Monday, July 15

New Research Shows That Heavily Decorated Walls Distract Students

Colorful artwork, maps and shapes often cover the walls in a typical elementary school classroom. Are these displays encouraging learning, or could they actually be a distraction? In a new study by Carnegie Mellon, researchers found that busy decorations correlated to distracted behaviors.The research, published in Psychological Science, details how highly decorated classrooms impact children in more ways than one. When exposed to these classrooms, instead of a more bare classroom, children were more likely to spend time off-task, experience smaller learning gains, and be more distracted.

Though children are not usually actively examining the walls, the results are in line with earlier studies on how children are impacted by the physical setup of learning environments. “Young children spend a lot of time — usually the whole day — in the same classroom, and we have shown that a classroom’s visual environment can affect how much children learn,” said Anna V. Fisher, the paper’s lead author.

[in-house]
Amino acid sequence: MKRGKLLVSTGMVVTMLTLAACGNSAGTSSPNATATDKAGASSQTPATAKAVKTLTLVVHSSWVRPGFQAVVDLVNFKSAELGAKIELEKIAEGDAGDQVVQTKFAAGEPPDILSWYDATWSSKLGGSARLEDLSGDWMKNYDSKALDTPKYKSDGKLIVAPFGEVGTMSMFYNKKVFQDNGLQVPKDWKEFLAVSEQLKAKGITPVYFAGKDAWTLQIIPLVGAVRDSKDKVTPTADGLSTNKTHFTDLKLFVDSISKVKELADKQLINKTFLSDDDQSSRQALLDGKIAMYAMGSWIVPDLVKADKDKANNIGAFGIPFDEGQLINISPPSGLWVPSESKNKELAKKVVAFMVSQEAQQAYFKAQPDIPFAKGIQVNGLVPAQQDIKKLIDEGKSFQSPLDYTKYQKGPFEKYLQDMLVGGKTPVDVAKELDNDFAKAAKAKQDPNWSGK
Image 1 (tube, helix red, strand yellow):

The research could also lead to better understanding of correct learning and testing environments. With just a change from a decorated to sparse classroom, the accuracy with which children could remember the science lessons they had been taught in the experiment jumped from 42% to 55% — a discrepancy that can be important considering that about 70% of American schools are currently labeled “in need of improvements” under the new federal Elementary and Secondary Education Act.

The researchers were also testing to see whether, in the absence of visual distractions, students would shift to an alternative distraction, such as talking to friends. What they actually found, though, according to Karrie E. Godwin, was that children in the more decorated classroom spent more time off-task than those in the sparse classroom.
“We do not suggest by any means that this is the answer to all education problems,” Fisher acknowledges.

“I wasn’t aware of this research, but we teach students all over the world on Skype,” says Jacqui Byrne, Partner at Ivy Educational Services.“In order to ensure that the student focuses on the tutor and the online whiteboard we always make sure that the background behind the tutor is plain and/or simple.”

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